The 3D graphic adventure game Dark Earth contains one of the more compelling storylines to come along in quite some time and the environments and surroundings depicted in the gorgeous art complements that story very nicely. The basic tale is one of survival in a world turned dark by a natural catastrophe that plunged Earth into a new dark age early in the 21st century.
Set three centuries in the future, you play as Arkhan in a world where light is both a luxury and precious commodity. Not surprisingly, history has been lost to the inhabitants of this stark future world and many now believe the darkness to be an ancient curse. As Arkhan, a member of the Guardians of Fire (whose mission is to protect the leaders of the newly emerged religion of Sun God worship), while aborting an assassination attempt of the Sunseer Lory, you are transformed into one of the very mutated creatures you've always fought against. You are then faced with not only curing yourself of this dreaded affliction but also discovering the truth behind mankind's current plight and insidious encroaching disease that threatens to destroy what little remains of civilized society.
Like any great mystery story, all the twists and turns of the deep plot are revealed slowly as Arkhan fights his way to the truth. Through puzzle solving, a great deal of interaction with non-player characters and lots of combat (an area in the game that could stand some improvement) you eventually focus in on the threat. Game play is a dream, as the interface smoothly gets you from place to place and screen to static screen (no scrolling action). However, the stunning graphics which showcase the game's three year development are so captivating you find yourself content to move within each screen, exploring and generally uncovering clues, speaking with inhabitants and simply basking in the richly rendered environment.
Beyond the awkward control experienced during combat, the game's only other significant flaw is the outdated and annoying game saving function that requires you to find "saving locations" within the game (a pet peeve). Cautionary moral here is quite simple, namely, don't commit to playing unless you can be sure you have enough time to reach the next save point. Other than those shortcomings, Dark Earth provides a rewarding and immersive gaming experience.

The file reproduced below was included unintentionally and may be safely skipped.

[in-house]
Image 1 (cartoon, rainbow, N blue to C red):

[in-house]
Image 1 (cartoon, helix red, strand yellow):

Game play in Dark Earth is deceptively linear in that even though you have the freedom to move the character any where you want, the story doesn't really advance until you procure certain items, talk to certain NPCs or perform specific mini-quests. In that respect the game isn't all that different than other graphic adventures that give you alternate routes to reach specific objectives. One nice feature that sets up replay possibilities is the way the story evolves based on the sometimes moral decisions you have to make as Arkhan as many are difficult and have a big impact on the story. If solid game play, a detailed and carefully crafted adventure, and a compelling story appeal to you, then Dark Earth is worth a look.
Graphics: Beautifully rendered environment from backgrounds to NPCs. The credits list six people devoted to cut scenes which constitute a major plus in the game, both from an esthetic point of view and emotional appeal. Wonderful stuff.
Sound: Only a cut above average.
Enjoyment: Dark Earth is that rare gem of a game that evokes the intangible feeling of being involved in the story. Before it's over, you'll care about what happens to Arkhan and his struggle to rid the already dark world of an even worse fate. Beautifully crafted story.
Replay Value: Better rating than what the normal graphic adventure receives. You may want to eventually go through the game a second time to see what transpires when you change your decisions.
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Drakan: Order of the Flame, Blade of Darkness, Blair Witch Volume 1: Rustin Parr, Devil Inside, The, American McGee's Alice, BioForge, Die By The Sword, Alone in the Dark
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